Wednesday, April 11, 2007

March 29

March 29. Well we finally broke free of Marathons grasp. The bridge tender here likes to joke that he arrived a year ago for a two week visit. The wind had been blasting us for close to 3 straight weeks from the east. East was our direction of choice so we were stuck along with dozens of other boats. Wednesday was the first day of a 2 day window where the wind would drop below 20 knots for the entire 2 days. Or so we thought.

On Wednesday morning 2 dozen boats departed for various points north. Some of the boats were heading up the west coast while most were headed up the east coast. The boats with less than 4 and a half feet of draft all went up the “inside route” which is along the west coast of the keys. The route proved to be favorable with calm sea conditions in the protection of the lee of the keys. You do have to be aware of the tides and a lot of the channels are very narrow so it can be pretty intense at times. The deeper draft vessels were all relegated to going up the Hawk Channel along the eastern shore of the keys. Since this was the first day with only 15 knots of wind the sea state was still fairly large and we listened to a lot of unhappy travelers on the radio.

We spent Wednesday doing last minute provisioning and laundry. We decided to let the seas calm down and depart on Thursday. I took the dogs to shore at 0600, OMG haven’t been up at that hour in a long time. Christy had the boat squared away and was ready to go when we got back.

We had 2 anchors down for the last 2 weeks and pulling them up went a lot smoother than I thought it would. The primary had been down there for 2 months! We also have been using a kellet on our primary anchor so it took 45 minutes to collect our ground tackle and get underway.

After going out under the bridge we had to stop for fuel. We arrived in Marathon with one tank practically empty and less 30 gallons in the other. We thought we would only be staying a short while so why bother to fill up at that time. We had to run the generator for almost an hour a day to make hot water and we were pleased to discover that it was ridiculously economical. So we ended up topping off with 65 gallons of diesel and a few gallons of gasoline for the dinghy. We heard the bridge tender counting the boats as they left the harbor, 18 left with us.

After we left the fuel dock we found ourselves with 5 sailboats in view ahead of us. We also discovered that the winds had built to 20 knots and were dead on the nose. We motored for about 2 hours, making about 4 and a half knots into closely spaced 5 foot waves. After those 2 hours we had started to turn a couple of degrees to the north so we put up the mainsail with a double reef incase the winds continued to build. Even though we were so close to the wind we were able to pick up an extra knot while motor sailing with the small main sheeted as tight as I could get it.

With that extra knot we started to gain ground on the boats ahead of us. So of course they had to put up some sail too.  The further we traveled the more “off” the wind we could turn so we shook the reef out and were motor sailing at over 6 knots. We actually had some good tacking duels with 2 of the boats as we looked for as much help from the sail as we could get. Conditions were pretty crappy and 2 of the boats ahead of us decided to cut through the keys and take the inside route in calmer seas. It might take them longer because they’ll have to wait for high tide to transit several shallow areas but it would be a lot more comfortable. In the 100 miles from Miami to Marathon there are only five bridges high enough that a sailboat can sneak through from one side of the keys to the other so they opted for this first opportunity.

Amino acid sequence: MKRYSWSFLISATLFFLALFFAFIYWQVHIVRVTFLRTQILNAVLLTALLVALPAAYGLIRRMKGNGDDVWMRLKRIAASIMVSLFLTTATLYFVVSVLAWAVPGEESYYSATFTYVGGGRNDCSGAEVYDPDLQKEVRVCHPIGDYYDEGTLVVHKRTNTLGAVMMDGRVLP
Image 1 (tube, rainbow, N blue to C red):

It took us 30 miles but we were able to catch all the sailboats ahead of us and we were comfortably anchored with our “post anchoring cocktail” as each one came in and dropped their hooks. The anchorage at Rodriguez Key sucks, plain and simple. There’s just no other place to hide for the night near the half way point on this trip from Marathon to Miami. On our way south 2 months ago we anchored north of the key and got our asses kicked for the night as the winds stayed out of the east and did not swing south as predicted. This time we chose to anchor off the south shore of the key behind the 1 foot shallows that surround the key. It worked out well, there was still big wind but the swells were knocked down by the shallows in front of us. Christy went swimming as soon as we were anchored and went out to see the anchor on the bottom. She said that it was completely buried in the sandy bottom with only the chain visible.

The only drawback was the dinghy ride to shore with the dogs was a mile and a quarter with most of it through unprotected water. Both of the dogs and I got soaked and then had to do it again in the morning. Happy happy, joy joy.

There were several good parts to the day. During the trip we saw several sea turtles sunning themselves but they were quick to dive for cover as we approached. We also got to see another Pearson 422 just like ours. They’re fairly rare so seeing one out and about is noteworthy. We saw it coming at us about 200 yards off our port bow and we realized that they looked an awful lot like us so as they passed Christy hailed them on the VHF and chatted them up a bit.

Anyway, it’s good to be on the move again. The boat and crew handled a real crappy 50 mile day very well and we’re headed for Miami tomorrow.

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